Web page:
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6 Ways to Build Healthy Relationships in Recovery

This may involve making a list, taking inventory of the damage caused, and examining the underlying reasons for your actions. This behavior may stem from a genuine desire to protect the individual. However, it ultimately allows them to avoid taking responsibility for their actions and the negative repercussions of their addiction. One common aspect is the tendency to shield the person with addiction from facing the consequences of their actions. This might involve covering up their mistakes, making excuses for their behavior, or bailing them out of financial or legal troubles caused by their addiction.

  • Substance abuse and addiction can lead to behaviors that are not helpful to relationships, such as increased self-focus or selfishness, avoidance, persistent irritability, or withdrawal.
  • Twelve-step programs and other mutual-aid resources help serve this vital purpose.
  • Moreover, codependent behavior can involve attempting to control or “fix” the addict’s problems.
  • While it seems surprising, some people undermine their own good intentions and long-term goals.
  • Healthy relationships involving honesty, for example, can encourage partners to support or inspire individuals to communicate about substance abuse.

Substance abuse and addiction can lead to behaviors that are not helpful to relationships, such as increased self-focus or selfishness, avoidance, persistent irritability, or withdrawal. These changes can damage the sense of closeness in relationships. During times of active substance abuse, there are usually relationships in recovery fewer positive interactions with loved ones. This magnifies the impact on relationships—there are more negative experiences and fewer positive experiences in relationships. The 12-step program has been widely recognized as a valuable tool for repairing and rebuilding relationships in the context of recovery.

The National Push for Recovery

Even if romantic relationships aren’t the main focus, it’s important to make sure that healthy relationships are a primary goal of addiction recovery. Adding the stress of focusing on relationships could feel overwhelming, but it also provides an important opportunity to practice distress tolerance, emotion regulation, and coping skills. Relationships also benefit from healthy communication skills, validation, boundaries, and honesty—all of which are important for addiction recovery. Struggling with addiction can also lower motivation and cause depression, anxiety, and fatigue. These symptoms can make someone seem unreliable, irresponsible, or uncaring.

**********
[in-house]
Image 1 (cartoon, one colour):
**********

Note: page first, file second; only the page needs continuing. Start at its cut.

For an in-depth look at the recovery model, the American Psychological Association has 15 learning modules that are accessible to the public. The topics range from a broad overview of the recovery model to ways it is being implemented in practice. You will also see elements of the recovery model in social work theory, where values such as client self-determination and well-being are emphasized.

Recovery and Recovery Support

Substance abuse can severely impact personal relationships, often leading to broken trust, resentment, and communication breakdowns. However, repairing these relationships is essential for successful healing and long-term recovery. In particular, the recovery model of mental health stresses the importance of connectedness and social support.

Codependent individuals may find their self-esteem and self-worth closely tied to the well-being of the addicted person. They may sacrifice their own needs, desires, and boundaries to prioritize the needs of the addict. Many people in this situation continuously put the addict’s needs above their own, often to the detriment of their emotional and physical well-being. The challenges stemming from their behavior deeply affect loved ones. They often grapple with anger due to the destructive consequences of addiction, feeling upset about the choices, lies, and pain caused. People struggling with addiction spend a lot of money on drugs, and the costs can add up quickly.